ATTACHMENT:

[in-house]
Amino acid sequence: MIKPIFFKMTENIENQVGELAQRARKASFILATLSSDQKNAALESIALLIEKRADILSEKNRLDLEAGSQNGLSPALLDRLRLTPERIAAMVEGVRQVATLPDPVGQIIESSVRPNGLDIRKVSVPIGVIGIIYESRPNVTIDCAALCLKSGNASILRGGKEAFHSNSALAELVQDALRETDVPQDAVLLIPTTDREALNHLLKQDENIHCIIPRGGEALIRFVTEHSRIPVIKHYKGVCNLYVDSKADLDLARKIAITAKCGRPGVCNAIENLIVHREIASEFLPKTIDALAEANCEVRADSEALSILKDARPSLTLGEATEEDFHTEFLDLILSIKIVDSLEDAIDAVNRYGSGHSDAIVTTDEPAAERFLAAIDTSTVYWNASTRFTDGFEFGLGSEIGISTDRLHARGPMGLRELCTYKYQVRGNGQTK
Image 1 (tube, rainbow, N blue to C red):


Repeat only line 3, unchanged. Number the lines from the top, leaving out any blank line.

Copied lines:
Image 1 (tube, rainbow, N blue to C red):